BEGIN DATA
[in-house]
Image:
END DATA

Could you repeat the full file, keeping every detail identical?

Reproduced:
[in-house]
Image: